It’s possible that Goldbergs needs time. Many restaurants at Avalon are not firing on all cylinders at this point. BB’s has had years now to perfect their process. This week’s bagel from them was worlds better than that from Goldbergs but not the best I can remember from their shop.

We’ll call the cream cheese battle a draw, at least for the plain variety. They were indistinguishable to me. Murph gave BB’s the nod for the veggie cream cheese.

Oddly enough our order was more expensive at BB’s, $6.61 versus $5.68 for the same thing at Goldbergs. The cream cheese is very expensive at BB’s and you get less of it compared to Goldbergs. But it’s interesting that BB’s costs more considering the rent at Avalon is probably ten times what it is on nasty McFarland Parkway.

And speaking of nasty… Goldbergs is certainly cleaner. Many continue to be turned off by BB’s and their long history of below par health inspection grades.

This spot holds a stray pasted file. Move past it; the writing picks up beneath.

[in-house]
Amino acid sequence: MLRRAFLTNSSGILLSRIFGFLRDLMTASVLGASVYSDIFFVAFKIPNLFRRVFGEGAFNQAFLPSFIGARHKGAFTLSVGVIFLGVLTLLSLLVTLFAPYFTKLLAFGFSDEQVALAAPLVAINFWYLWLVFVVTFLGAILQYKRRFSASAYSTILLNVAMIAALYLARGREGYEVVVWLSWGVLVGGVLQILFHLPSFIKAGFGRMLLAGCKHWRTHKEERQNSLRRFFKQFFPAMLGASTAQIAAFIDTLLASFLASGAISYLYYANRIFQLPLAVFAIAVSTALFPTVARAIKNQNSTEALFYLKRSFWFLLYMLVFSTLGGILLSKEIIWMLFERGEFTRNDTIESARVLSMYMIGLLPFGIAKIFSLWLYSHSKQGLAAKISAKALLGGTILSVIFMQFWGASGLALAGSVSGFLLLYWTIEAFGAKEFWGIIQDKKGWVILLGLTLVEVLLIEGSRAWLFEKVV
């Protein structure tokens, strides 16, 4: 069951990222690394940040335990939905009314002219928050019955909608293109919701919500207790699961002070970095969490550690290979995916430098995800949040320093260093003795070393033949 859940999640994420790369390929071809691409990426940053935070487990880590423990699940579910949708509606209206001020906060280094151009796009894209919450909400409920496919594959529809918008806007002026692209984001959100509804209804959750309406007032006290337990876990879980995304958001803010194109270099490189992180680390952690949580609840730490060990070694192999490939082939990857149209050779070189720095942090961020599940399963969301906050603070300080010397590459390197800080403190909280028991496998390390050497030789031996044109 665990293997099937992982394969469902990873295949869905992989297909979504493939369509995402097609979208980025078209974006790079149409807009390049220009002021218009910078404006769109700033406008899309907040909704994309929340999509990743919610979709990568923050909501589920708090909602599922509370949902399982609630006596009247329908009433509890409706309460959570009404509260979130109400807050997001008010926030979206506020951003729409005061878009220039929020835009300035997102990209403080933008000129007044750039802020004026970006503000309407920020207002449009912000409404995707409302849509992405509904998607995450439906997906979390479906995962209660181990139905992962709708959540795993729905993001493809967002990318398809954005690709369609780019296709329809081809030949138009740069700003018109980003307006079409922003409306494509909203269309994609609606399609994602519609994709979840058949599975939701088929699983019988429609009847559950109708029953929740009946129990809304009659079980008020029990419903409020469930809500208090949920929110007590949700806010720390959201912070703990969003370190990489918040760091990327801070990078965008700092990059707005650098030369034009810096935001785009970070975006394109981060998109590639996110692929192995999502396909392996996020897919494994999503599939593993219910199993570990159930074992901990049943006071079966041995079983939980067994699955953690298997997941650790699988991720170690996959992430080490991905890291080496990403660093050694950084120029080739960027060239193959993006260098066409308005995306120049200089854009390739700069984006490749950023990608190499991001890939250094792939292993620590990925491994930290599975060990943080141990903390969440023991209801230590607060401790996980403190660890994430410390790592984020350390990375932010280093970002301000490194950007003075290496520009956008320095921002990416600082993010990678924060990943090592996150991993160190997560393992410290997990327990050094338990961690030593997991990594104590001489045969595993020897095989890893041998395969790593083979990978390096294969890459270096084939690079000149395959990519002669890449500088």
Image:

It’s a little easier to get in and out of BB’s. Avalon isn’t exactly where you want to go for a quick to-go meal. The place is designed to draw you in and keep you there to linger. If you happen to be there for something else in the morning then Goldbergs is a good choice. But it’s hard to grab bagels from here and take back to your office elsewhere.

And finally, service was pretty good at both joints. They remembered my name on my second visit to Goldbergs. However, BB’s remembered to individually wrap our everything bagel. Attention to detail is important.

So at the end of it all, bagels from fancy digs at Avalon cannot unseat BB’s from their bagel throne.

Whole Foods Market – Avalon

Every Friday Roots in Alpharetta features an article on food and dining in a series called Foodie Friday. Today we feature an article from Mike Christensen.

WF Avalon now openThe Avalon doesn’t officially open for two weeks, but one small section is open now, Whole Foods.  It opened this week to replace Harry’s Farmers Market.  Me and 184,000 of my closest friends checked out Alpharetta’s newest organic grocer this week.  It was good to be able to be on Avalon’s property for the first time, well not counting the other times one snuck in and wandered around.  (editor’s note: This is a joke.  Mike did not trespass on Avalon’s property).